It was becoming a familiar rather than surprising sight, waking up in Copiapó’s Hotel Miramonte, with the Ruta 5 bridge over the Rio Copiapó shrouded in fog, just as in 2003. However, by the time that we had finished breakfast, it had already started to lift and continued to lift as we drove up the Rio Copiapó valley to Paipote. My aim was to familiarise myself with another of the northern Chilean river valleys, having made similar inland sojourns up the Rio Limari / Rio Grande valley (2003), Rio Elqui (2001 and 2003) and Rio Huasco (2001). Like the other valleys, the water flow is now controlled by a dam (at Embalsa Lautaro) that stores water in a man-made lake.
We did not go that far, having planned to turn west at Puente Potrero Seco. Like the other valleys, the stored water is used to good effect in irrigating the valley and surrounding lower hill sides with extensive vineyards all around. Ironic that the activities that threatens the survival of cacti in the wild – change of land use; here agriculture – had clearly lead to increased prosperity of the local human population and had provided us with numerous pleasant evenings back in Europe as we enjoyed our bottles of Chilean wine at our Copiapoathon reunions. In addition, this valley has extensive mining activity, with mines determining the quality of the roads and where in the valley they lead. This tends to be in the green centre of the valley, rather than close to the hill sides with the opportunity to explore some of the tracks leading further up hill.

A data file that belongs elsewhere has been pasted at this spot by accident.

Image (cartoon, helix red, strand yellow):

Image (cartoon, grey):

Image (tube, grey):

We followed a sign west to Ruta 5, believing that the confusing intersection we had reached was at Potrero Seco. It was not, and so we followed an excellent road that runs from Nantoco over the hills to Ruta 5. New vineyards were in the process of being established, in various stages of progress from freshly ploughed fields to newly planted areas and others where the first crop seemed to be harvested.